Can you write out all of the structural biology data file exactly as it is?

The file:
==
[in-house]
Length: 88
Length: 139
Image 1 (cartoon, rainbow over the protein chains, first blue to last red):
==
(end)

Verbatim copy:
[in-house]
Length: 88
Length: 139
Image 1 (cartoon, rainbow over the protein chains, first blue to last red):